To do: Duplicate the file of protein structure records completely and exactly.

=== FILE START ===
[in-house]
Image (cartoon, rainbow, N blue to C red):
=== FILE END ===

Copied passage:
[in-house]
Image (cartoon, rainbow, N blue to C red):